Groundbreaking, thrilling and revealing, "The Reaper" is the astonishing memoir of Special Operations Direct Action Sniper Nicholas Irving, the 3rd Ranger Battalion's deadliest sniper with 33 confirmed kills, though his remarkable career total, including probables, is unknown.Read more...
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Groundbreaking, thrilling and revealing, "The Reaper" is the astonishing memoir of Special Operations Direct Action Sniper Nicholas Irving, the 3rd Ranger Battalion's deadliest sniper with 33 confirmed kills, though his remarkable career total, including probables, is unknown.
Irving shares the true story of his extraordinary military career, including his deployment to Afghanistan in the summer of 2009, when he set another record, this time for enemy kills on a single deployment. His teammates and chain of command labeled him "The Reaper," and his actions on the battlefield became the stuff of legend, culminating in an extraordinary face-off against an enemy sniper known simply as The Chechnian.
Irving's astonishing first-person account of his development into an expert assassin offers a fascinating and extremely rare view of special operations combat missions through the eyes of a Ranger sniper during the Global War on Terrorism. From the brotherhood and sacrifice of teammates in battle to the cold reality of taking a life to protect another, no other book dives so deep inside the life of an Army sniper on point.
- ISBN-13: 9781250045447
- ISBN-10: 1250045444
- Publisher: St. Martin's Press
- Publish Date: January 2015
- Page Count: 320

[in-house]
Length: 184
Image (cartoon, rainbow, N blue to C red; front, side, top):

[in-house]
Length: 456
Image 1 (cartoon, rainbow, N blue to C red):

Publishers Weekly® Reviews
- Reviewed in: Publishers Weekly, page .
- Review Date: 2014-11-03
- Reviewer: Staff
Irving, a former Army Ranger, and Brozek, who has cowritten many books, add to the sniper memoir genre a breathless, tension-filled account of the day-to-day combat experiences of a sniper in Afghanistan. A child of a military family, Irving knew he wanted to be a Navy SEAL from a young age and was on his way to reaching that goal when a routine test revealed that he is color blind. A sympathetic Army nurse helped him fudge a vision test, so he became a Ranger instead, honing a natural affinity for sharpshooting. Brozek gives Irving’s story shape, heart, and context as he helps convey Irving’s mixed emotions about his role in combat. But the real craft is in the book’s the artful depictions of battle. Readers are brought into the heat of the fight with white-knuckle anxiety, as troops edge their way toward IED-laden targets, chaotic firefights, and suicide bombers. The story culminates with the takedown of a massive arms depot while Irving was battling a wrenching gastrointestinal infection. It’s tough stuff, but Irving is a humble and humane narrator. What could have come across as a shallow exercise in chest-thumping is much more. Hawks and doves alike would do well to spend time with Irving to learn what it’s like to be a soldier in today’s military. (Jan.)